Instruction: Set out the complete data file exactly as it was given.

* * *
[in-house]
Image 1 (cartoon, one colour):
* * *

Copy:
[in-house]
Image 1 (cartoon, one colour):